Stucked in Xi’an
My ride here in China is not as smooth as chocolate as I would imagine. My Chinese visa is now dictating my ride here in China. I tried to extend my visa while I was in Hohhot, and the officer there told me its better if I do it in Xi’an, better chance there. So I took a bus from Hohhot to Xi’an. Getting myself inside the bus is difficult, since I have my bicycle and huge luggage with me…. plus I speak poor Mandarin. Xi’an is about 1000km to the south of Hohhot. Usually, on that distance, it will take me almost a month to cover on my bicycle… or maybe 2 weeks if I’m rushing. But taking the bus, only took me 14 hours to get inside the beautiful city walls of Xi’an. Upon reaching Xi’an, I spent roughly an hour to navigate around the big city to find a cheap hostel for me to settle down for a few days. Xi’an is a big city, the population here alone is 1/3 the total population of the whole of Malaysia! I see it much bigger than Kuala Lumpur and I imagine this is only a suburb of Beijing! I spent the day walking around the city, to find out the important places for me, like where can I find good food, Muslim areas, cheap places to shop necessary things etc. The next day, I went to the immigration office to extend my visa. They told me its not possible to stay too long in China. But its good enough that I can get 1 month visa here. I tried to demand more. “Do you guys have any idea on how big China is? A month is not enough to explore the country!”, I told them. They laughed. But nothing can they do, theyre just following orders. So okay I agreed. But the process will take a while, maybe a week or more!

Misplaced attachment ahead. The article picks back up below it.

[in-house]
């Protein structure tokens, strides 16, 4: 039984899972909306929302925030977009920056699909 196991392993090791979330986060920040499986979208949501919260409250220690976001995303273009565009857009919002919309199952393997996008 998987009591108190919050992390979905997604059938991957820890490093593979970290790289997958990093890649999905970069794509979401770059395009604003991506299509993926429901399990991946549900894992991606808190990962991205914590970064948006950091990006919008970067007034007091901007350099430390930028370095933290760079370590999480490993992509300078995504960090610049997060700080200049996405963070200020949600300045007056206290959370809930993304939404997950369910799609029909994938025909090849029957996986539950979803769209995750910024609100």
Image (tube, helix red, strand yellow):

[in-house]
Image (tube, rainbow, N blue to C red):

On the way back from the immigration office to get to my hostel, I took a cab. The cab driver was friendly to me at first, curious on where I’m from and asked. I told him I’m from Malaysia! And there you go, wrong answer. He then started to raise his voice to me and say something about feiji, which means aeroplane in Chinese. Then I catched he was saying san bai chi shi, which means 370. Ah right, he was saying something about the Malaysian Airlines missing plane. Then suddenly he showed his middle finger to me while saying Malaysia, something tells me that he was saying to hell with Malaysia. And a few seconds later, he stopped the car and asked me to leave the cab! My god that was unbelievable. Even though I’m a Malaysian, I have nothing to do with it. I’m even clueless about what really happened, nobody actually knows what happened to the plane! But okay, I just took the blow on what happened then. The next time people ask me where I’m from, I’m gonna say that I’m from Bolivia. Hehe…
Having my passport in the immigration office, I was then stucked in Xi’an. I first felt quite bad about the cab driver thingy. But then, something good happened that made me smile again. I was coughing a bit with running nose. I stayed in 8-bed dorm and theres a Chinese girl sleeping next to my bed. We were talking about our trips together with a French couple and an American guy in the room. Then before I went to sleep, I was coughing non stop. The Chinese girl then went out without saying anything. She then came back few minutes later, with a cup of ginger tea and had me to drink it. She said its good for me since I was coughing. I was touched. She looks like an angel when she gave me the ginger tea. Other guys in the dorm were like, “wow.. what was that?”. She was really nice. And the next morning, I went out early for breakfast and when I was walking back to the hostel, I saw her again on the road, she was walking towards the bus station to get to the airport. Again, she looks like an angel. Shes tall but without wings. And she was holding some food and gave it to me. She said she bought extra breakfast to give it to me, but couldn’t find me in the hostel since I left early. Again I was touched. Things happened too fast and I didn’t even asked her name yet. She just said all the best on my cycling journey and mentioned to me that shes from Beijing. Then she left…